Off TV play is awesome and I spent most of my time playing Q.U.B.E: DC this way, that said the game is beautiful in its simplicity that it looks delightful on an HD TV. Unfortunately, it’s the only GamePad support you’ll find within the whole game. Fortunately, Off TV Play does suit this type of game very well.
The game boasts an all-new original soundtrack. But the whole game is full of so many sound glitches that render some sounds inaudible now and then. A rotating room should always make a creaking mechanical effect, but when it only makes this sound 50% of the time it’s quite off-putting. This happens far too frequently for its own good. For the record, I played Q.U.B.E: DC via an external HDD that I have received no prior problems with. The music is atmospheric and hauntingly accurate for the science-fiction claustrophobic environment, but also stops at random times, only to reappear when another effect kicks in. Other glitches during my playthrough involved getting stuck on scenery, having to reset to the Main Menu and redo all the last 5 minutes of puzzles.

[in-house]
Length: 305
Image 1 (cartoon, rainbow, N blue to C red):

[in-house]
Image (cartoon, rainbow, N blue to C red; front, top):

For the speed freaks out there, Q.U.B.E: DC implements a well thought out Special Time Trial mode with 10 playable levels to race through whilst collecting tokens, called Against the Qlock. Upload your fastest times to the web and bask in the glory of your achievements.
With a large variety of puzzle types on offer, a lengthy playtime for its asking price and game-type (I reached 5 hours on my first playthrough), bonus Time Trials, and an intriguing, if somewhat clichéd, story, that was well voice acted throughout, Q.U.B.E: Director’s Cut on the Wii U is easy to recommend. Even coming across a few glitches with sound and scenery trappings were not enough to detract from a wonderfully innovative and thoroughly enjoyable puzzle experience. Highly recommended.
This review was written by Lee Davies and originally appeared on Nintendo: Review